Open Source Soft­ware That Can Part­ner with MS Win­dows

The open source world is filled with soft­ware that can be used along with the pro­pri­etary Win­dows op­er­at­ing sys­tem, with­out caus­ing any in­con­ve­nience. Here’s a se­lec­tion of soft­ware that is free, open source and com­pat­i­ble with MS Win­dows.

OpenSource For You - - Contents -

The ex­pres­sion ‘open source soft­ware’ refers to soft­ware that is avail­able free, and its source code has been made pub­licly avail­able for study, mod­i­fi­ca­tion and use on any sys­tem. Of­ten, the goal in re­leas­ing this source code is to en­able com­mu­nity col­lab­o­ra­tion in de­vel­op­ing this soft­ware in a more open, ef­fi­cient and rapid man­ner. De­pend­ing on the li­cence, open source soft­ware can have dif­fer­ent terms for un­re­stricted us­age.

Mi­crosoft Win­dows is rep­re­sen­ta­tive of a fam­ily of op­er­at­ing sys­tems re­leased over the years, each cater­ing to an in­dus­try, or cus­tomised to fit a sub­set of busi­ness and de­vel­op­ment pur­poses.

Mi­crosoft has long faced flak from the Linux com­mu­nity for keep­ing its op­er­at­ing sys­tem closed source, even as it man­ages to out­sell all Linux dis­tri­bu­tions, com­bined. Yet, Mi­crosoft has re­cently be­come a mem­ber of the Linux Foun­da­tion and main­tains a pres­ence on GitHub. It has upped its com­mit­ment to soft­ware devel­op­ers and the open source com­mu­nity with the re­cent and rapid re­lease of a lot of fea­tures, es­pe­cially the Win­dows Sub­sys­tem for Linux, which al­lows devel­op­ers to run the Linux com­mand line di­rectly in Win­dows with­out the over­head of a vir­tual ma­chine. Some pop­u­lar fea­tures of the new Win­dows re­lease in­clude in­creased con­trol over the task man­ager, an in­built pack­age man­ager, multi­desk­top sup­port, and so on.

Let us take a closer look at the var­i­ous cat­e­gories of open source soft­ware avail­able for use on Win­dows.

Web browsers

Fire­fox: A prod­uct cre­ated by the Mozilla Foun­da­tion, Fire­fox is an open source Web browser first re­leased in 2002. It is the de­fault browser on most Linux dis­tri­bu­tions but has a huge fol­low­ing on Win­dows ma­chines as well.

Chromium: The fa­ther of the mod­ern­day Chrome Web browser, Chromium is based on the orig­i­nal source code that Google then mod­i­fied to cre­ate Chrome. It has set it­self up as a se­ri­ous con­tender to Fire­fox, be­ing the de­fault Web browser on Linux sys­tems.

Com­mu­ni­ca­tion soft­ware

Pid­gin: A free and in­tu­itive multi­pro­to­col chat client used by hun­dreds of thou­sands of peo­ple, Pid­gin can

con­nect to AIM, Google Talk, ICQ, IRC, XMPP and other net­works con­cur­rently.

Email client

Thun­der­bird: De­vel­oped by Mozilla in 2004, Thun­der­bird is still one of the most pop­u­lar open source soft­ware chal­leng­ing Mi­crosoft Out­look to­day. It caters to the grow­ing de­mand for an email client for mod­ern users.

Pro­duc­tiv­ity and util­i­ties soft­ware

Li­breOf­fice: A pow­er­ful of­fice suite, Li­breOf­fice pro­vides an un­clut­tered and in­tu­itive user in­ter­face that serves to boost pro­duc­tiv­ity. The soft­ware kit in­cludes sev­eral ap­pli­ca­tions that make it one of the friendli­est and fastest­grow­ing of­fice suites in the free and open source com­mu­nity.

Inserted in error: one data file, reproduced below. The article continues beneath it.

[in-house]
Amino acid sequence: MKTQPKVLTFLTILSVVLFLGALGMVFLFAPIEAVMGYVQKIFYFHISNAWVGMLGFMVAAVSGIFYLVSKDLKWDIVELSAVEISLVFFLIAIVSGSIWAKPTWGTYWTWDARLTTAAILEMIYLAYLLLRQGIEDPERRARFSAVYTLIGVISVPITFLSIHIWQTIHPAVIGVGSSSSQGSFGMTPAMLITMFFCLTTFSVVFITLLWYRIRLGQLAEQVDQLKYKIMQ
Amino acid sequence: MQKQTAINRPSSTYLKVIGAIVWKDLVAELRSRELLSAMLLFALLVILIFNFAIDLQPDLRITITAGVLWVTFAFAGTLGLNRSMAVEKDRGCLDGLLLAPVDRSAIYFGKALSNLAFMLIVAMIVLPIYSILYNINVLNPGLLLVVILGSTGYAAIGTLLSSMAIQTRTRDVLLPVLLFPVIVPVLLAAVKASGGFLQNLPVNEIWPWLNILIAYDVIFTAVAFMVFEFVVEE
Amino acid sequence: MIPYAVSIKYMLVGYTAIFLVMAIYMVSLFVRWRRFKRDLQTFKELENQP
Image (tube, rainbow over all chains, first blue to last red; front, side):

PuTTY: This is a free im­ple­men­ta­tion of SSH and Tel­net for Win­dows and UNIX plat­forms, along with an xterm ter­mi­nal emu­la­tor. It is writ­ten and main­tained pri­mar­ily by Si­mon Tatham.

7zip: This is a free and open source file­archiver—a soft­ware used to put groups of files into com­pressed fold­ers termed as ‘ar­chives’. Writ­ten by Igor Pavlov in 1999, it has a high com­pres­sion ra­tio, mak­ing it a very ef­fec­tive soft­ware.

File shar­ing soft­ware

FileZilla: Born as a class project of three stu­dents in 2001, this tame soft­ware has since evolved into a gi­gan­tic fullfea­tured file man­ager and file server. FileZilla of­fers pro­tected file shar­ing, which re­quires a user name and pass­word to ac­cess the shared data.

DC++: Tech­no­log­i­cal progress has given us the di­rect con­nect (DC) pro­to­col used for shar­ing files over the In­ter­net. The open source DC++ is the most pop­u­lar peer­to­peer file shar­ing client based on the di­rect con­nect pro­to­col.

Me­dia play­ers

VLC me­dia player: VLC is widely used as a me­dia player and stream­ing soft­ware. It is ca­pa­ble of play­ing files, discs, Web cams, de­vices and streams. It can even be used as a video down­loader.

Au­dac­ity: A free and open source au­dio ed­i­tor and recorder, Au­dac­ity al­lows users to record live au­dio, con­vert records and tapes to dig­i­tal for­mats, or mix pre­built dig­i­tal au­dio tracks.

GIMP: The brain­child of Spencer Kim­ball and Peter Mat­tis, the GNU Im­age Ma­nip­u­la­tion Pro­gram or GIMP serves as an open source graph­ics ed­i­tor, an al­ter­na­tive to Adobe Pho­to­shop. It can be used to cre­ate and up­date pho­tos or clip­art in var­i­ous im­age for­mats such as JPEG, PNG, TIFF, and so on.

Hy­per­vi­sors and em­u­la­tors

Vir­tu­al­Box: Vir­tu­al­Box is pro­fes­sional grade, open source vir­tu­al­i­sa­tion soft­ware. It is a gen­eral­pur­pose full vir­tu­aliser for x86 hard­ware, tar­geted at server, desk­top and em­bed­ded use.

Cyg­win: This is a large col­lec­tion of GNU and open source tools that pro­vide func­tion­al­ity sim­i­lar to a Linux dis­tri­bu­tion on Win­dows. Cyg­win pro­vides na­tive in­te­gra­tion of Win­dows­based ap­pli­ca­tions, data, and other sys­tem re­sources with ap­pli­ca­tions, soft­ware tools and data of the UNIX­like en­vi­ron­ment.

Fig­ure 1: Mi­crosoft Win­dows, an oft-per­ceived thorn in the side of open source pro­po­nents

Fig­ure 4: Hy­per­vi­sor and me­dia-based soft­ware for Win­dows

Fig­ure 2: Open source Web browsers and other tools

Fig­ure 3: Com­mu­ni­ca­tion and file shar­ing util­i­ties for devel­op­ers

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